Jump start 2 - cold frames
Written by Wellspring Admin   
Tuesday, 19 April 2011 01:15


I decided to try an experimental no-dig planting method for these cold frames: scatter the seeds on the ground and cover with a mix of compost and sand.





b_200_0_16777215_0___images_stories_blog_winter-greens-2_Video_27_0_00_02-11.jpgThen I installed some curved wires and reemay cloth for a second layer of protection using cloths pins to hold the cloth in place. The temp went down to 5° F in late Feb, and all the plants survived beautifully.

Sunny/warm days required venting of the cold frame and the reemay.



b_200_0_16777215_0___images_stories_blog_winter-greens-2_Video_31_0_00_09-20.jpgThe second cold frame got the same treatment.

By the beginning of April I stopped using the reemay in the second cold-frame because it is made of opaque plastic and heats up less. The glass cold-frame with insulation would over-heat so it needed to be vented daily. Leaving the reemay in place keep the cold loving greens from getting too much sun.




6 weeks later and we have been eating greens 3 meals a day!

A nice surprise was loads of dill that had self seeded from last year. They fill in the space and are providing light "over story" of shade as the days get hotter.





Happy greens, all hand-watered with rain water and snow melt caught in a barrel off the chicken coop.











Jump Start on Spring
Written by Aaron J   
Wednesday, 16 February 2011 22:53

There is no reason we can't be growing our own fresh greens through the winter right here. So on the days when its not too cold and snowy I've been putting together a new cold frame to get a jump start on spring growing.

I have picked out cold-germinating, frost tolerant seeds to plant as the idea is to create a micro-climate rather than a controlled climate. The plants need to tolerate a good amount of frost, because the night temperatures outside will still be going down to 10F or lower.

Species list:

Valerianella locusta - Mache
Spinacia oleracea - Spinach
Petroselinum crispum - Parsley
Brassica rapa nipposinica - Mizuna
Allium ampeloprasum porrum -Leek
Raphanus sativus -Daikon radish
Rumex acetosa - Sorrel
Cichorium intybus - Itialian dandelion

Some of the plants will be harvested as baby greens and others let grow to maturity. The leeks in particular need such a long growing season that the only way to have them here is to extend the season.

(Next to the new cold frame, you can see an old hoop frame that is reaching the end of its life.)

 Building a cold frame  Building a cold frame
 Building a cold frame  Building a cold frame

Ahead: Planting, designing an automatic venting system, and water.

Finding, Growing and Processing Heirloom Apple Varieties in Finland
Written by Mari - Published at Permaculture.org.au   
Friday, 22 October 2010 11:36

Small apple juice press.The story began over ten years ago when Virpi and Hannu, our hosts, started the Northern Savo region apple project by searching for and recording old tasty and productive apple trees that have survived in people’s back yards through the few extreme winters we’ve had over the past century – winters that in some areas killed a large part of the apple stock in Finland. They recorded over a thousand trees and collected samples of the best ones for cultivation. Right after the project there were two hundred new heirloom varieties in cultivation. This, however, was a bit too much to handle so they decided to cut the production to a few dozen of the best varieties.   ...Read more at the PRI website.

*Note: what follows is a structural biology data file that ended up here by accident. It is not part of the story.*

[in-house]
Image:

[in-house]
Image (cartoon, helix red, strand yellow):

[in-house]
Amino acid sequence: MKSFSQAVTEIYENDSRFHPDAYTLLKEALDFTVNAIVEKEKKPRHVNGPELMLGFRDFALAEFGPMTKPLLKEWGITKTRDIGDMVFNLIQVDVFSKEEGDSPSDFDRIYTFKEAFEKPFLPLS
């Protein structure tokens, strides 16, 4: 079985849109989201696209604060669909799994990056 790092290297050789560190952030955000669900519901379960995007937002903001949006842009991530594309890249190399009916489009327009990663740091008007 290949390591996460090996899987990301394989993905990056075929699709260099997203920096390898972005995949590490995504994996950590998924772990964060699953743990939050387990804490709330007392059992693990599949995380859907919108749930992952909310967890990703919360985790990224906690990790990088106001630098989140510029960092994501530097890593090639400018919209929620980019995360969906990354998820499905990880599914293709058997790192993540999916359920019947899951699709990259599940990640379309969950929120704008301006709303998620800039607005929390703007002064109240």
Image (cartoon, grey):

also... take a virtual tour of the Tulimaki Nursery

Exploring Extending The Growing Season at CRMPI
Written by Mari   
Tuesday, 31 August 2010 12:09

In cool and cold areas the length of the growing season and the cold temperatures are the main challenge for growing things and supporting oneself. As a part of the search for cold climate permaculture strategies I came across to integrated greenhouse designs that seem to have a lot to offer to us in the cool climates. This is a little report from a trip to Central Rocky Mountain Permaculture Institute's solar greenhouse workshop in Basalt, Colorado. There, during his thirty five years of living on the site, Jerome Osentowski the director at CRMPI, has overcome the challenges of his steep sloping land at 7200 ft above sea level with advanced integrated greenhouse designs as a feature in the overall system. They have stretched his climatic zones all the way to the subtropic - all year round, with no fossil fuels used.

Conventional greenhouse growers spend immense amounts of money and oil or natural gas to heat the greenhouses during winter whereas in Jerome's greenhouses the heating is powered ...Read more.

today I planted. . .
Written by Arlyn   
Tuesday, 10 August 2010 17:39

sung vaguely to the tune of the Christmas Carol -

three crown vetches

two Yarrow plants

one St. John's Wort

one Lavender

and one little Catnip


plus mulched the marshmallow and admired the nursery.


I thought it might be late for planting, but with all the water we've been getting this season and a bit of attentiveness I am told that it should be fine.

Tomorrow will be more lavender, a sage plant and some hyssop.


I've also been washing my face with yarrow tea today and really like how it feels.

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